Our friendship quickly grew over daily lunches and weekends spent dancing at EDM clubs, forever bonded by
bratwursts and a struggle to learn the native language. When she went home, we kept in touch, so much so that when I was moving to Minneapolis, she offered me room and board.
That was almost two years ago. Now we were more best friends than roommates.
“Here.” I turned my laptop screen to her. “Which colors do you like for the logo?”
Sonja tied her thick, dark hair on top of her head, a few tiny corkscrew curls sticking out by her temples and at her neck. “Navy with the lime green.”
“I like that one, too.” I sent off a reply to Kayla to change the header on the website, and before I stood to turn the propane off, I got my sister’s response that she’d have it updated as soon as possible. Sonja had seen me brew enough times to know the drill, so she followed me to the sink. I grabbed the wort chiller—a bungle of plastic tubes and copper wire—and untangled it as Sonja screwed one end of the tube to the utility sink’s faucet. I dropped the copper wire into the pot, and she let the ice-cold water rip from her end.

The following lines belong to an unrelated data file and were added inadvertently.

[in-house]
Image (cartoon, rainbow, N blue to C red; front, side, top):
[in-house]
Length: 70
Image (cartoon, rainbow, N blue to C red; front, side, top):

Using this method to cool the beer was a bit amateurish, but it was all I had without the money and space for a glycol chilling system. I let the hot water drain out of the garage, carving a steaming path in the snow. My mind went with it, once again losing my thoughts to a future of chrome and steel. I’d had just about enough of these homemade shortcuts.
I was a professional, dammit.
My phone rang in my back pocket, disturbing the mental image of my future kegs. I didn’t recognize the number but